I had what I thought was good idea for this week's column. Since the subject is the writing of Christopher Hitchens, and since "Hitch" does some of his best work in bars, I would go to the local pub, pen and scratch pad in hand, and not start writing until I had at least a few drinks in me. The idea was to get into his state of mind, if not his head.
"It won't work," said an old friend after he listened to my spiel.
"What do you mean it won't work?"
"I mean it won't work. In order to get into Hitchens' 'state of mind,' you'd have to show up with a few shots of vodka in you, and then down three or four beers before you could even start writing, and then drink your way through the article. You'll pass out before you even get close," he said.
So readers will have to cope with my sober analysis of his latest polemical thrust: A Long Short War: The Postponed Liberation of Iraq. The only original material in this 104-page collection is the introduction, written before the war, and the epilogue, "After the Fall." The rest consists of his online columns for Slate from last November to this April, one throwaway piece for Seattle's alternative weekly The Stranger, and a France bashing op-ed for the Wall Street Journal.
This is a very limited sample of Hitchens's war writings, though I suspect the reasons for this restriction were more for contractual reasons than modesty. Following September 11, Hitchens used his old "Minority Report" column to rail against terrorism, "Islamofascism" and, most endearingly to conservatives, his fellow leftists. He attacked Noam Chomsky and tore stripes out of antiwar protesters. He supported the action in Afghanistan and then agitated for invasion in Iraq. This generated large mailbags of angry letters, and his name rose to even greater prominence than before, as warbloggers touted this militant pro-Western Marxist.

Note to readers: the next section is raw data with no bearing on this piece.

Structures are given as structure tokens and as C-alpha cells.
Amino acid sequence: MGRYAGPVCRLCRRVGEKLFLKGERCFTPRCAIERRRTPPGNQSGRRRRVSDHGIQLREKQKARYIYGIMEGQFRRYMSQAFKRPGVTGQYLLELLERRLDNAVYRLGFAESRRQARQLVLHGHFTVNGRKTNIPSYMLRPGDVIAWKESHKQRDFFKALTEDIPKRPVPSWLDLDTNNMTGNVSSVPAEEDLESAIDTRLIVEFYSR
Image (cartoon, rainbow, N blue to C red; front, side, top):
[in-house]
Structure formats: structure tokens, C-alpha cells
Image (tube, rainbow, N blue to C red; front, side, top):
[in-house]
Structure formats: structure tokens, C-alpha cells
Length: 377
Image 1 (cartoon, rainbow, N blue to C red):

But then he decided he was tired of his writings appearing in The Nation alongside writers "who truly believe that John Ashcroft is a greater menace than Osama bin Laden." He ended an October column, which made the case for invading Iraq, by abruptly announcing that his byline would no longer appear in the magazine. Slate's Jacob Weisberg first gave Hitchens the regular "fighting words" column and then collected those columns into the present volume.
Hitchens explains in the intro to A Long Short War, "I have tried for much of my life to write as if I was composing my sentences to be read posthumously…I am sincere when I say that the idea of the posthumous never quite deserts me." But readers might wish that it had. Though his relationship with The Nation was often troubled his writing for the lefty rag had a certain adversarial edge to it. After September 11, he regularly jolted longtime readers in their seats, and forced critics to concede that well, yes, the editors of The Nation put out a lot of anti-American tripe, but at least they published Christopher Hitchens.
Of course, The Nation wasn't the only party to lose out in this very public separation. Though I remain a fan of Hitchens' casually vicious swipes (e.g., "If the name Harold Koh is unfamiliar to you it is because he was President Clinton's undersecretary for human rights."), his "fighting words" column is nowhere near as good as "Minority Report" was. The emphasis is very much on the second half of the title -- most columns begin with a discussion of a term (e.g., "empire," "unilateralism," "WMDs") being bandied about in the press at the time, digress from there, and then draw back to the intro for the perfunctory conclusion. Gone is any attempt to convince a hostile constituency to give war a chance, replaced by a series of dismissive snorts and deep sighs.
This is quite a letdown from the man who fashions himself the modern reincarnation of Orwell. Hitchens tried for a sort of "Politics of the English Language" lite and wound up with a bad McGuffey reader impression instead.
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